- I wish I’d been a little more prepared for how much I feel like I have to explain open adoption to people. It’s not co-parenting. It never has been. Rebecca has always, always, always been incredibly respectful of boundaries and I have never, ever been concerned that she wouldn’t be. Even in the hospital, we were all sharing Tatum back and forth from Rebecca’s room, our room and the nursery and none of us wanted to hurt the other one’s feelings if we wanted to be with Tatum. Matt and I felt like that was Rebecca’s time with Tatum and didn’t want to be obnoxious about having her all the time. Still, Rebecca would call our room and ask if it was okay if she got Tatum out of the nursery or if a friend could see Tatum. It was nice from the very beginning. I feel like I have to justify the “open adoption” thing to people sometimes. I really don’t have to, but ultimately it’s all about educating people on the ins and outs of things. It's not like a made-for-tv-movie. I truly, truly understand that not all situations are like ours. It is definitely not always possible for open adoptions to work well. Sometimes it’s just not healthy for anyone, but in our case, it’s great.
Along those same lines, I wasn’t prepared for people to ask intrusive questions that aren’t any of their business. You get warned about these things when adopting, but it’s still a little difficult. I know that we don’t have to share any details with people that we don’t want to. It’s just not everyone’s business.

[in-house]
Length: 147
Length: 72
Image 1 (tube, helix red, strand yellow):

Last thing is that I wish I’d been more prepared for some “post-adoption depression”. I’d heard about it, but didn’t know what to expect or what that would be like. Just like no one is ready for postpartum depression, I’m sure. There are definitely physical and emotional things that happen to your body whether you’ve physically given birth or not. For us, we had so much horrendous stress because of legal matters with birthfather issues. Us taking Tatum home from the hospital meant that we had a “legal risk placement” – meaning we had absolutely no legal right to her. She could have been taken from us at any time by her biological family. It was over eight months before her adoption was finalized. Again, we weren’t concerned about Rebecca changing her mind, but the birthfather issues and just the crazy “what ifs” were enough to drive a person over the edge. Matt has said that his heart absolutely knew that Tatum was ours from the beginning, but the stress of things not being legally finalized messed with his head. Your head thinks about the “what ifs”. I could push away the fears of a legal risk placement all day until I was up by myself doing the middle-of-the-night feedings. I would hold Tatum and choke back tears as the “what ifs” went through my mind. I couldn’t let myself think about them. What if this didn’t work out? What if she was taken away from us? I still get tears in my eyes thinking of those moments. I knew she was ours, but I needed things to be official before I could say goodbye to the “what ifs”.